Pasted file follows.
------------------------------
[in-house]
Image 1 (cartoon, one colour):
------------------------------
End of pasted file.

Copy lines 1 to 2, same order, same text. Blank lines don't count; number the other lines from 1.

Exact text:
[in-house]
Image 1 (cartoon, one colour):